US6532737B1 (en) 2001-08-30 2003-03-18 Dana Corporation Exhaust port gasket with cylinder-specific electronic oxygen sensors
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US5469735A (en) * 1993-12-09 1995-11-28 Unisia Jecs Corporation Self-diagnosing apparatus and method for determining occurence of failure in inner cylinder pressure responsive sensor applicable to engine combustion detecting/controlling system
DE19513307A1 (en) * 1994-04-07 1995-10-19 Unisia Jecs Corp Apparatus and method for determining the characteristic of a fuel which is supplied to a vehicle internal combustion engine
US5537978A (en) * 1994-04-07 1996-07-23 Unisia Jecs Corporation Apparatus and method for determining characteristic of fuel supplied to vehicular internal combustion engine
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US5659132A (en) * 1995-03-07 1997-08-19 Fel-Pro Incorporated Gasket enclosed sensor system
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US6532737B1 (en) 2001-08-30 2003-03-18 Dana Corporation Exhaust port gasket with cylinder-specific electronic oxygen sensors
US20040102891A1 (en) * 2002-11-27 2004-05-27 Toyota Jidosha Kabushiki Kaisha Model generating method, model generating program, and simulation apparatus
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US6862514B2 (en) 2002-11-27 2005-03-01 Toyota Jidosha Kabushiki Kaisha Model generating method, model generating program, and simulation apparatus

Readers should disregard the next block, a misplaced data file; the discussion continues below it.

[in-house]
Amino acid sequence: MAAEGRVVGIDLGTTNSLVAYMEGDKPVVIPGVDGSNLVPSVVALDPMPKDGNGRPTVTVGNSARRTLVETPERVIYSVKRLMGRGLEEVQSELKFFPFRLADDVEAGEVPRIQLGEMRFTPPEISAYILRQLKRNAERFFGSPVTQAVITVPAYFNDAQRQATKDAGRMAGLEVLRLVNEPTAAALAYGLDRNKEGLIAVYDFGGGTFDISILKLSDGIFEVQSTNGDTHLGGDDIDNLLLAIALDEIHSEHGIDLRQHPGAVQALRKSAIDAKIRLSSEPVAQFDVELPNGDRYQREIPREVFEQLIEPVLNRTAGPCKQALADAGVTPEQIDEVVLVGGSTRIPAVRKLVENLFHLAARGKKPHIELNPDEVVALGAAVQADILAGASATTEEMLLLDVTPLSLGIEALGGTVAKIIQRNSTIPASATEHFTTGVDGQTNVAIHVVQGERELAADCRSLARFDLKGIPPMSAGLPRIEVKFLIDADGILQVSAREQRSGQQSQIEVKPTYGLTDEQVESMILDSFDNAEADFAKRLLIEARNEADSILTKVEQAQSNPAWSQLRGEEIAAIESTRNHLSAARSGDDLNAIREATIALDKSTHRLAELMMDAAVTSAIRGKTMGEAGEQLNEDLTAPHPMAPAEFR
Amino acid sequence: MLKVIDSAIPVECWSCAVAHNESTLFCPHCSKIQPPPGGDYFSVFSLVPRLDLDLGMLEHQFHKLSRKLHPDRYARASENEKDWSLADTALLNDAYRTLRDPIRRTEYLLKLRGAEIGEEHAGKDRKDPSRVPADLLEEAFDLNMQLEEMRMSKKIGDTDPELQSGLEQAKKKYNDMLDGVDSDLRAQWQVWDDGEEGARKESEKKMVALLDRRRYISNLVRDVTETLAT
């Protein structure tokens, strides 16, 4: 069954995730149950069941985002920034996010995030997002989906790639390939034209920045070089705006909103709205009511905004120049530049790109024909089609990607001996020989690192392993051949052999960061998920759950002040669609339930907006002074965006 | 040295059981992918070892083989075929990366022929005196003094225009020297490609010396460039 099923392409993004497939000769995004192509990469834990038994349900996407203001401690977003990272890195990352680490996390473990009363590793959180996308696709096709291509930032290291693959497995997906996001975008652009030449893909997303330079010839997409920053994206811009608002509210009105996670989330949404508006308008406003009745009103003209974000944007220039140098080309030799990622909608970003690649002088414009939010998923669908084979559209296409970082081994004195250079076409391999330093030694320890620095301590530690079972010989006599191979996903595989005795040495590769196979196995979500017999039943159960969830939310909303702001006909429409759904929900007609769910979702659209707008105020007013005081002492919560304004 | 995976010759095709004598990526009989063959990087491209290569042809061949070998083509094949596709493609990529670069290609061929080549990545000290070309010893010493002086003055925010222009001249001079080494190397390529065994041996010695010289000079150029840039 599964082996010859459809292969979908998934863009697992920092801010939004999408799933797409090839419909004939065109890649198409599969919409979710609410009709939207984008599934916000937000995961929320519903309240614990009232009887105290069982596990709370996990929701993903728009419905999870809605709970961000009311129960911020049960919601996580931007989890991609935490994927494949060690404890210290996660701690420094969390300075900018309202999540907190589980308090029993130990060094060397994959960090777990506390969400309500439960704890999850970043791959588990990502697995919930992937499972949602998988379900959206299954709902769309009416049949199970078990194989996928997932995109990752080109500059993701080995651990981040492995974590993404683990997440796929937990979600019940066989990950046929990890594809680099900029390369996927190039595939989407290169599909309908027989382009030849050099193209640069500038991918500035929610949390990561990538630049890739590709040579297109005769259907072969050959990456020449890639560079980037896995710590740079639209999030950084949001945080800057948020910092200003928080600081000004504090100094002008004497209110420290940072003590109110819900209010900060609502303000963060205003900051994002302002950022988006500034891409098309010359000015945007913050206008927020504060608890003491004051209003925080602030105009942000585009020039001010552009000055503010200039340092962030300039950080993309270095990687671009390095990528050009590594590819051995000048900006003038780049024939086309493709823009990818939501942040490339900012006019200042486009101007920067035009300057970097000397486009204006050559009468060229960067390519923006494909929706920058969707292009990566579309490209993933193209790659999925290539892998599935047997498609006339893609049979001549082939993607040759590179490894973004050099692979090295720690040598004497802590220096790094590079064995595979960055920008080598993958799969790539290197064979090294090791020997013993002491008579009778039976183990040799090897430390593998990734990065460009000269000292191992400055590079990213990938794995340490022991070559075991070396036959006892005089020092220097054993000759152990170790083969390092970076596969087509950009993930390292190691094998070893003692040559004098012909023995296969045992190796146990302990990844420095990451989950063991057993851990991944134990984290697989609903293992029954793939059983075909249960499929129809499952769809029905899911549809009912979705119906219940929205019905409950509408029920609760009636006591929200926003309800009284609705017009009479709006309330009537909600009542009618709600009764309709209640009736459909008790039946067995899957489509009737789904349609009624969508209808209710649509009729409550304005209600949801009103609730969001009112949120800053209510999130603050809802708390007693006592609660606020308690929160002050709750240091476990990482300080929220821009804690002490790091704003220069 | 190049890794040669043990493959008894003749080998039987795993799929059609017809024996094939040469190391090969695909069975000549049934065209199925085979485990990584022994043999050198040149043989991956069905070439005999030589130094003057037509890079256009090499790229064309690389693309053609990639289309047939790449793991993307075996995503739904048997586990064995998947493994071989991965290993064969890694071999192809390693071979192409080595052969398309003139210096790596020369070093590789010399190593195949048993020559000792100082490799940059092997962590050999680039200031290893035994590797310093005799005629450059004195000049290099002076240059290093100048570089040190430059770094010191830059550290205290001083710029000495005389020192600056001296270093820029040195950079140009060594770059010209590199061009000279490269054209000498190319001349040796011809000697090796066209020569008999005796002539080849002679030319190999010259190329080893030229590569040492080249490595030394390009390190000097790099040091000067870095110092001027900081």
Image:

US20050171680A1 (en) * 2004-02-02 2005-08-04 Peugeot Citroen Automobiles Sa Method of diagnosing the operating state of a motor vehicle diesel engine
US7120536B2 (en) * 2004-02-02 2006-10-10 Peugeot Citroen Automobiles Sa Method of diagnosing the operating state of a motor vehicle diesel engine
US20110005492A1 (en) * 2009-07-07 2011-01-13 Honda Motor Co., Ltd. Control system for internal combustion engine
US8434455B2 (en) * 2009-07-07 2013-05-07 Honda Motor Co., Ltd. Control system for internal combustion engine
US20140102403A1 (en) * 2011-04-22 2014-04-17 Kawasaki Jukogyo Kabushiki Kaisha Gas engine, control system and control method for gas engine
US9291125B2 (en) * 2011-04-22 2016-03-22 Kawasaki Jukogyo Kabushiki Kaisha Gas engine, control system and control method for gas engine
US20130166186A1 (en) * 2011-12-21 2013-06-27 Guido Porten Method and Device For Operating A Cold Start Emission Control Of An Internal Combustion Engine